NCSS Online Teachers' Library

Gideon v. Wainwright at Fifty: Lessons for Democracy and Civics (Looking at the Law)


--Kevin Scruggs
The case of Gideon v. Wainwright can serve as a point of entry into a classroom discussion of the Sixth Amendment right to counsel.
* http://www.socialstudies.org/system/files/publications/se/7702/770213109...

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Trend Alert: A History Teacher's Guide to Using Podcasts in the Classroom


--Kathleen Owings Swan and Mark Hofer
Podcasts may be useful in the classroom, but teachers need to consider the instructional purpose and context within which they are used.

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May Madness! A Classroom Competition Merges Historical Research with Public Debate


—Isaac Cosby Hunt III
In this end-of-the-year project, AP U.S. history students wage a competitive battle to determine the most significant American of the twentieth century.

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Exploring 350 Years of Jewish American History on the Internet


Michael J. Berson and Bárbara C. Cruz
For teachers who want to explore the rich history of Jewish involvement in the country’s social fabric, development, and politics, this article provides significant online and print resources.

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Documents and Civic Duties (Teaching with Documents)


—Lee Ann Potter
A one-sentence letter from school boy Anthony Ferreira to President Ford stating, “I think you are half right and half wrong ” is one of several primary sources featured in this article that highlight for students the value of responsible citizenship.

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Piecing It Together: America’s Story in Quilts


Judith R. Marrou
Like the United States, a quilt could be described by the words "e pluribus unum" -- out of the many, one.

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Teaching about the Electoral College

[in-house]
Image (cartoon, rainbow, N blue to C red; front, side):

--David Dulio and the staff of the National Student/Parent Mock Election
When citizens step into the voting booth on election day, they are not actually voting for their candidate, but rather choosing a group of electors. This set of classroom activities explains one distinctively American institution--the Electoral College.

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Buttons to Bumper Stickers: Political Campaign Memorabilia (Teaching with Documents)


--Lee Ann Potter
From George Washington to George W. Bush, politicians have used campaign memorabilia to capture the attention of voters. By studying these items, students can learn a great deal about historical issues and candidates.

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Supreme Court Roundup (Looking at the Law)


--Charles F. Williams
In its most recent term, the Supreme Court considered a range of important cases relating to the “War on Terror,” federalism, and sentencing guidelines. The author reviews some of the Court’s most significant rulings.

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OurDocuments.gov (Teaching with Documents)


—Lee Ann Potter
A newly launched project highlights one hundred landmark documents—such as the United States Constitution, Thomas Edison’s electric lamp patent, and the canceled check for Alaska—that have influenced the course of U.S. history. Here’s how to integrate these documents into classroom instruction.

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